The Swedish psychiatrist Leif Öjesjö – which I have come to know through and at Delta Gym and whose main works I have in some instances read – is one of the research pioneers within the frames of the internationally well known Lundby project (Lund University). I will write about some aspects of his research contributions in a number of posts, starting with a extensive quote from the preamble of one of his research articles.
Turning points or epihanies have been defined as moments and experiences that leave marks on people’s live, in the present context a point at which the decision to give up an addiction is taken or consilidated. They are often moments of crisis. Some are ritualised, some are routinised. Others still are emergent and unstructured, and the person enters them with little if any prior understanding of what is going to happen. According to the literature, this turning point is usually accompanied by some experience or event which serves to stimulate or trigger the decision. These triggers can be either positive – e.g. securing a job, receiving an inheritance, winning in the lottery, starting a new relationship, or the birth of a child – or negative – e.g. a sudden deterioration in health, being faced with the prospect of going to prison, or the death of a partner or close friend (Denzin 1987; McIntosh & KcKeganey 2000; Miller & C’deBaca 2001). Koski-Jännes (1998) has reported data from a Finnish sample of media-recruited subjects who had been able to resolve their dependence on alcohol, drugs, binge eating and other excessive behaviors. The turning points seemed to involve a heightened awareness and a cognitive-emotional shift in which the individual’s regular pattern of seeing, interpreting and approaching things was suddenly changed. Recovery implied the idea of turning points in a positive direction, from suffering to improvement, and was often followed by a change of self and identity. Öjesjö, Leif. (2004), ‘Turnings in alcoholism: A themtic analysis of life histories from the Lundy alcohol subset’, in Rosenqvist, P. et al (eds.), Addiction and life course, pp. 267-274.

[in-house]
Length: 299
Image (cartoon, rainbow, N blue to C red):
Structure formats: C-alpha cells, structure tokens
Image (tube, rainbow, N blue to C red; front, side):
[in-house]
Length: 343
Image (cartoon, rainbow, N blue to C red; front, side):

Den svenske psykiatern Leif Öjesjö, numer aktiv vid Karolinska institutet – och som jag har blivit bekant med genom att vi båda tränar på Delta gym – är en av pionjärerna inom det så kallade Lundbyprojektet (Lunds universitet), som pågick 1947-1997 och delvis är aktivt än i dag.
Några beståndsdelar av denna omfattande psykiatriska, epidemiologiska och longitudinella studie redogörs översiktligt för i ett antal inlägg, som inleds med ett citat från den intresseväckande inledningen av en dennes uppföljande forskningsartiklar (se ovan). Jag kommer även att citera några artiklar på svenska lite längre fram.